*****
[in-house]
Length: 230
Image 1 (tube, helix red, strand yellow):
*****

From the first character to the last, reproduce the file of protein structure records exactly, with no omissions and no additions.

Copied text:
[in-house]
Length: 230
Image 1 (tube, helix red, strand yellow):